Review: “The Animatrix”

August 23, 2013 1 comment

The AnimatrixThe Matrix has remained one of the most influential action films ever created. Naturally, its financial success and popularity with critics and audiences meant that Warner Bros. would most certainly capitalize on their new property. The lead up to the sequels saw a big marketing push, leading to plenty of tie-in products, such as Nokia’s cellphones that resembled the ones in the films and PowerAde’s infamous product placement. This also meant that the Wachowskis gained a lot of clout with studio execs, who seem to still think that the sequels’ poor critical reception should be ignored in the name of hoping that, one day, the duo would once again deliver a Matrix­-level franchise for them.

Not all of the marketing for the films consisted solely of cynical product placements, however. Though it was a complete disaster, the video game Enter the Matrix was still one of the first efforts on behalf of filmmakers to synergize the film and video game mediums and tell an even bigger story than you would get from having just seen the films, a tradition that would continue with The Matrix Online, which functioned as a direct, totally canonical follow up to the final film, The Matrix Revolutions.

Similarly, the Wachowskis, who were influenced heavily by anime, also commissioned various animation studios to produce a series of shorts that would tie into their universe – some of them directly into the movies, others giving us an even greater perspective outside the narrative of how Neo would fulfill the prophesy of The One. The resulting collection of nine shorts (eight, if you wish to see the single two-parter as a whole work) was The Animatrix, a collection that was deemed so essential to the overall Matrix narrative that it’s included in every iteration of the films’ box sets, including the cheap-o barebones 4-film collections you see on Walmart shelves every now and then.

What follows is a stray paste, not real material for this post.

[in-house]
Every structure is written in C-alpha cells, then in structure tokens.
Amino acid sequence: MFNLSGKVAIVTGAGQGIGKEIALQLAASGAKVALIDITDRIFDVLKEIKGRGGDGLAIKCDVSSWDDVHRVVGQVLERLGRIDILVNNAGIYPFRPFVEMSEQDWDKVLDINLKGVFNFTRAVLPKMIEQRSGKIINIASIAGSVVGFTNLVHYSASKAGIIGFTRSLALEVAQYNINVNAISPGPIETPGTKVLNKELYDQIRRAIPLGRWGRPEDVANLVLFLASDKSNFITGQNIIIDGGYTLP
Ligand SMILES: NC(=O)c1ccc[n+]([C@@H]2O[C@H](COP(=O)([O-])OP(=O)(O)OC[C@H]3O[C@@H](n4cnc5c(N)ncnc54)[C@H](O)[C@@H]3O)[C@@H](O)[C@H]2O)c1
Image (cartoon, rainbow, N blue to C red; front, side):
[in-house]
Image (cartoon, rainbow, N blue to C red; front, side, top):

Below you will find eight mini-reviews of the shorts, each of them being rated and reviewed on their own merits, followed, in the end, by an overall rating of the complete Animatrix anthology.

Please note that clicking on the titles before each reviews will lead you to a free and legal (but admittedly low quality) streaming version of the shorts straight from TheWB.com (the embedding doesn’t work on WordPress), so feel free to watch the shorts on your own and see if you agree with my assessments, too! Read more…

Review: “Point Break”

June 14, 2013 1 comment
Point BreakDirected by: Kathryn Bigelow
Produced by: Peter Abrams, Robert L. Levy
Written by: W. Peter Iliff (screenplay), Rick King, W. Peter Iliff (story)
Edited by: Howard L. Smith
Cinematography by: Donald Peterman
Music by: Mark Isham
Starring: Keanu Reeves, Patrick Swayze, Gary Busey, Lori Petty, John C. McGinley, James LeGros
Year: 1991

 

I watched this film at the suggestion of Hot Fuzz. Until that movie came out, this movie was never even really on my radar beyond maybe seeing it on rental shelves when I was little kid. Based on that movie, a tribute to ridiculous buddy cop movies and such, I pretty much had my expectations in check when I suddenly realized that this would be perfect for Guy Movie Month. Read more…

Review: “The Lake House”

September 27, 2012 1 comment
Directed by: Alejandro Agresti
Produced by: Roy Lee, Doug Davison; Sonny Mallhi (co-producer); Bruce Berman, Erwin Stoff, Dana Goldberg, Mary McLalen (executive producers)
Written by: David Auburn
Cinematography by: Alar Kivilo
Music by: Rachel Portman, Paul McCartney (songs)
Starring: Keanu Reeves, Sandra Bullock, Shohreh Agdashloo, Christopher Plummer, Dylan Walsh, Ebon Moss-Bachrach, Willeke van Ammelroy, Lynn Collins
Based on the South Korean film Il Mare (시월애), directed by Lee Hyun-seung
Year: 2006

 

The concept behind The Lake House is a terribly romantic but completely promising one: there’s this mailbox, you see, and in it, there is apparently a portal that transports mail and presumably other such items between the present and two years in the past (or two years in the future, depending on your perspective). It sounds like something out of The Twilight Zone, but here in The Lake House, this mystical and possibly world-changing item is used to send love notes between two time-crossed lovers who are each desiring something more out of their lives and personal relationships. Read more…